On 14. 06. 21 14:40, Alexander Bokovoy wrote:
On ma, 14 kesä 2021, Miro Hrončok wrote:
> On 14. 06. 21 13:40, Alexander Bokovoy wrote:
>> On ma, 14 kesä 2021, Victor Stinner wrote:
>>> Congrats, that's amazing! :-) Let's fix remaining broken packages!
>> Right now the biggest broken package to us (FreeIPA) is mod_wsgi which
>> relied on Python C API which was removed in Python 3.10. The same API
>> was used by uWSGI as well, so it would really be great if Python core
>> developers and Python maintainers team could have helped mod_wsgi/uWSGI
>> upstreams to migrate from the old API.
>> Sadly, this was only found after the fact when a side-tag was already
>> merged, so FreeIPA right now is broken in Fedora Rawhide.
> The problem in mod_wsgi was actually found and reported in November 2020 ,
> which is exactly why we test with each pre-release of Python: To report
> problems *early* and give maintainers time to fix them, so we can land the
> new version with limited negative impact.
> Unfortunately, the mod_wsgi maintainer did not respond to the problem :(
> While we try really hard, we cannot report each failure to upstreams directly.
> The fact that this blocks FreeIPA was indeed only discovered by chance while
> the side tag rebuild was already in progress (and about to be merged). I
> wonder haw can we improve the process to ensure problems like this are known
> to FreeIPA maintainers since the beginning and prioritized accordingly.
> (Ideally, the process would not only be improved for FreeIPA but the entire
Well, this is a dependency problem in the first place. When an ABI
change happens, like a Python ABI change with 3.10 mass-rebuild, it
should be assumed and expected that until all previously successfully
built packages were to be rebuilt, there will be broken dependencies.
Yes, however getting "all previously successfully built packages rebuilt" is an
impossible goal. Instead we strive to get "most of them rebuilt" and "the
important ones rebuilt". Getting most of them rebuilt is not an easy task but
at least is is quite easy to quantify: 3333 are rebuilt, 293 to go, that is
~91%. OTOH knowing what is "important" is hard. There is the "critical
thing (but mod_wsgi is not in it and the list seems heavily outdated).
Perhaps, we could extend our existing checks for a broken compose to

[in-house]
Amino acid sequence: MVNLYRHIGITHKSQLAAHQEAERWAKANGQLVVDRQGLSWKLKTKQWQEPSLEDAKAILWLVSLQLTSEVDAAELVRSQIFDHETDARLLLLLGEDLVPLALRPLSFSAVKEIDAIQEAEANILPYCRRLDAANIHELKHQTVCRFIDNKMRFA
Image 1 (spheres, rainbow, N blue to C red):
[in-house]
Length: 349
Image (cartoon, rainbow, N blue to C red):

done on a side-tag on demand? This way mass-rebuilders could ask for
such a run one they consider to be ready to merge and see how that
side-tag merge would affect the distribution. I don't think we have a
better way to detect it before the merge.
We try hard not to break the compose. It is not fully automated and having a
way to run a test compose would be awesome.
However, this particular problem does not break the compose, the compose is
done now even when mod_wsgi is not installable.
We have also validated the following groups are installable before merging the
Because we parsed them from the hopefully compsoe-blocking media kickstarts.
What I do not see as acceptable is what Python core team did in
2020 when this issue was made clear in the original PR to remove the
'old' parser that broke mod_wsgi/uWSGI/unbound and some more packages.
Instead of following up in providing a supported API function, the
comment from Victor was practically ignored.
I am not happy either that Python upstream keeps breaking things and often the
migration path is "go figure". Whenever and wherever I can, I argue against that
> I assume that opening bugzillas for all the dependent packages
> failure would be considered as spam by many.
It depends on what that bug opening would mean. If you are doing it
early together with an upstream that breaks its ABI/API, helping them to
see the issues early is one of your goals -- as you stated above.
Realizing through reverse dependencies a damage such breakage could
cause is something you (as Python maintainers in Fedora) could
definitely do and raise the issue earlier also with the package
maintainers/upstreams. In this case FreeIPA is affected but we missed it
completely in November 2020 as nobody told us mod_wsgi would not work
This is a chicken-egg problem: Until we measure the impact, we don't know it.
And reporting many dependent-packages bugzillas early seems like a waste of
effort if the bug is getting fixed soon. What we need to detect (and we don't
know how to automate that yet) is:
- a bugzilla for a problem is stalled AND
- the package is dependent on by "important stuff" or by a large stack
Even when not automated, we manually rise priorities for bugzillas that block
the builds of large stacks.
What would be particularity helpful would be if *all* the package maintainers
triaged their bugzillas and responded to them in timely manner, notify
upstreams and ask for help if they need it. However, that is not realistic.
> In the meantime, I've marked mod_wsgi as "blocker"
for the Python 3.11
> rebuild next year, but that is not a systematic solution.
>> I saw that there is some discussion and an effort to help mod_wsgi
>> upstream already, thank you!
> There is a proposed fix  but we don't know enough about Apache to say if
> it is ideal. In case this blocks you very much, I suggest you work with the
> Fedora's mod_wsgi maintainer and backport this patch to rawhide, keeping an
> eye on it in case it breaks your use cases, and report problems to us, so we
> can adapt it. At this point of the Fedora 35 development schedule, I think
> this patch should be good enough for it.
I already nominated mod_wsgi bug as Fedora 35 beta release blocker
because it violates Fedora Server release criteria. I am not a
maintainer for mod_wsgi myself and have no rights to that package.
I know and I voted +1 for a blocker. I am not a maintainer for mod_wsgi either.